For prose poems, I usually am in a mood where I want to tell a kind of story. It just comes upon me. Most of the time, I write in lines. The prose poems were done in the ‘80s and early ‘90s and I haven’t done many since then.
4. Your work shows a refreshing humor and surrealistic imagination, qualities that have not been prevalent in the American poetry mainstream. Do you see yourself as an outsider in American poetry?
Yes, definitely. In fact, I pride myself on it. Who would want to write the kind of boring stuff we see so much of? However, there are well-known poets who are funny and surreal, James Tate and Russell Edson, for instance, but I guess they are also kind of outsiders. Kenneth Koch and Allen Ginsberg are often very funny, but again, not exactly mainstream. The Language poetry that used to be outside is getting more inside now, but I’m not into that either. My poems are often seen as strange and different. as well as funny, and I’m OK with that, except it’s hard to get published when you’re so far from the mainstream.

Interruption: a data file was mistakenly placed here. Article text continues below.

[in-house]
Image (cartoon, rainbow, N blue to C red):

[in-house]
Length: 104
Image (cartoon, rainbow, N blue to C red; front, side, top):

5. Who are some of your poetic influences?
My main poetic influences are the early moderns, primarily Eliot, Pound, Cummings, Williams, and Stevens. Also Blake, Hopkins, and Kafka. For my actual writing, Cummings’ freeing up of language and emphasis on feelings and personal voice were important to me. For the long lines that I do, Ginsberg was an influence, but also, in an odd way, Ogden Nash. I see his use of long lines as a way of subverting traditional verse. I use long lines like his in both comic and serious poems -- anything not to be formal and boxed in as in traditional poetry.
6. How has the poetry world changed during your career?
The poetry world has gotten much larger, what with all the MFA programs, readings, slams, the Internet, new technology that makes publication by small presses easier, and more openness to both different ways of writing and in the subjects treated.. A lot of this is good, but with so many people calling themselves poets, I think there may be a decline in overall quality.
7. What’s coming up for you in the future?
My second book, Pickled Dreams Naked, will be published this fall by NYQ Books, a book series recently started by The New York Quarterly. I’ve had many of my poems in the magazine over the years. NYQ tends to publish really good poems that are outside the mainstream, so it’s the perfect publisher for me.